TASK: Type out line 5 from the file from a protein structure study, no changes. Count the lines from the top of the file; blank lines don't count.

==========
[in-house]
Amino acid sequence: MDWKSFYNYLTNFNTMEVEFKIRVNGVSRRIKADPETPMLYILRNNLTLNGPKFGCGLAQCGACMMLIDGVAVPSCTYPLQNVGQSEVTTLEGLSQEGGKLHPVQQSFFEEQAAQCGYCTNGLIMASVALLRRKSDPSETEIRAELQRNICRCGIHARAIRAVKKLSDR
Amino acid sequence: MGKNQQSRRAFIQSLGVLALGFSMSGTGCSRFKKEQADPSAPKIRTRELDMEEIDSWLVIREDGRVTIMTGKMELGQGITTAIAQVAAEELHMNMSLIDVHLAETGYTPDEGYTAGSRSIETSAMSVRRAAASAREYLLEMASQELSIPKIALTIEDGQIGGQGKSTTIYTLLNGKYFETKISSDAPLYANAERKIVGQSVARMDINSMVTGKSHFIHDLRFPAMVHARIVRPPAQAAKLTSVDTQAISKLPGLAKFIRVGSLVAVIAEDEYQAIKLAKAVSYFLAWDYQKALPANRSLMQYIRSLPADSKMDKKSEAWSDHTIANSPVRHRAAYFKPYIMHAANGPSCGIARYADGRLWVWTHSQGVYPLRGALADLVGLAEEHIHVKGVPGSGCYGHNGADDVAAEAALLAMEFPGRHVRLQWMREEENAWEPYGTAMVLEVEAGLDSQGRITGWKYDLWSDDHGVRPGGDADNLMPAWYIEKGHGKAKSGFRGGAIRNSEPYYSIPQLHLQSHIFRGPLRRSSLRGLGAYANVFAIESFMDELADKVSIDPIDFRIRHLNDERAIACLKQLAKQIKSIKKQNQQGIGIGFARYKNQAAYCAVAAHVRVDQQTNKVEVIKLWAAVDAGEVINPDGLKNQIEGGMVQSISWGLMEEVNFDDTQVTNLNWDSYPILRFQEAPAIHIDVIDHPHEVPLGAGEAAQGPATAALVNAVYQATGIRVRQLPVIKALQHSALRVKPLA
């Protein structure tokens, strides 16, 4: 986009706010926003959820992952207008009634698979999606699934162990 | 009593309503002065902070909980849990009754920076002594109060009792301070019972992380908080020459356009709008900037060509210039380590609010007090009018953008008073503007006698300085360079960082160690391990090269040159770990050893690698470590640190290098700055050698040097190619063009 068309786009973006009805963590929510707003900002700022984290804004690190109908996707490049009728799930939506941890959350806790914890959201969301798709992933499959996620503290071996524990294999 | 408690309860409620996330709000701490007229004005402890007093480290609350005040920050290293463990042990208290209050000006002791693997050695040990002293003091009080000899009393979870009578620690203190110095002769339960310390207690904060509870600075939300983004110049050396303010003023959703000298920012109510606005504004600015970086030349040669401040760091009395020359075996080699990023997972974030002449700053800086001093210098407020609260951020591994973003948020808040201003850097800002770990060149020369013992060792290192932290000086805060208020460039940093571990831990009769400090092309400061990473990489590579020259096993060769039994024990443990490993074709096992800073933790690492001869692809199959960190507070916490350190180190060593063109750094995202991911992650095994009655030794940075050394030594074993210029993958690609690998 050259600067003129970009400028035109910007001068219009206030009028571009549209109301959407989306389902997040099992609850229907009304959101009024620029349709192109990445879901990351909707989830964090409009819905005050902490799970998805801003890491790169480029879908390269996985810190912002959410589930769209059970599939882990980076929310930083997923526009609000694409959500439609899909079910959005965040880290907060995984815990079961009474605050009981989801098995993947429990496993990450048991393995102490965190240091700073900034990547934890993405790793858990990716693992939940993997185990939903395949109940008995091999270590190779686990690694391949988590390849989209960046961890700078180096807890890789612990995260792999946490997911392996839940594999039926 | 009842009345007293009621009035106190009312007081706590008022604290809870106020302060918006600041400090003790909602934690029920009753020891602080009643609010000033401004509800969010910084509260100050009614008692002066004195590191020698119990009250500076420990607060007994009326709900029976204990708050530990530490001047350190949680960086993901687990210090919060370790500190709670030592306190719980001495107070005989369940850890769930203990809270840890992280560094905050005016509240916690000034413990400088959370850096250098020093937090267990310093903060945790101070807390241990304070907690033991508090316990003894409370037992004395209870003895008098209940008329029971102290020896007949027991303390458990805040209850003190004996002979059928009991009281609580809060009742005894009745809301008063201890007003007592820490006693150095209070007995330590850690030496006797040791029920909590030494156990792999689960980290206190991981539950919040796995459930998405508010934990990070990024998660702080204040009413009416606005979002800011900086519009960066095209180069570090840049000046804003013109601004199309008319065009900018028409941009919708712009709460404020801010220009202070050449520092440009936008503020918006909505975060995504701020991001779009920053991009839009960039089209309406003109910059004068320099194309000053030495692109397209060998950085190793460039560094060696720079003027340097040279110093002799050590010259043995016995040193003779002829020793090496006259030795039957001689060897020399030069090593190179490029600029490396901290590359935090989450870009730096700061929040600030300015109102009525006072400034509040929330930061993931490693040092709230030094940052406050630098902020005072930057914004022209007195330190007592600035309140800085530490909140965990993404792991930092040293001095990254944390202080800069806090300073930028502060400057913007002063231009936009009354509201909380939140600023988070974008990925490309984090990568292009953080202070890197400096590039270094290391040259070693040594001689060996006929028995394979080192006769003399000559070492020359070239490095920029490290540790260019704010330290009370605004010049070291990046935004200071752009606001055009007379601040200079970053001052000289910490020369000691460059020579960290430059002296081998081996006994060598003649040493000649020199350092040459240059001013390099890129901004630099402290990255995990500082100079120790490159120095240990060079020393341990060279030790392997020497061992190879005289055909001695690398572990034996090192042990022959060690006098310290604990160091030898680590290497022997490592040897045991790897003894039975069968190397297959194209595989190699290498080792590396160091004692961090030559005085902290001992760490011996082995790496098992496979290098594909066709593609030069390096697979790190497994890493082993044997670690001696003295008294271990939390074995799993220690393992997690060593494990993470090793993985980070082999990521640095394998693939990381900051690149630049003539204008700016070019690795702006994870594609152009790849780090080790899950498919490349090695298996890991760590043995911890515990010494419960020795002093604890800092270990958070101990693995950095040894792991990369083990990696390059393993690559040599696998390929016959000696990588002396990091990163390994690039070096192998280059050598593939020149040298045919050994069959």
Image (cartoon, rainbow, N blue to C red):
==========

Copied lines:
Image (cartoon, rainbow, N blue to C red):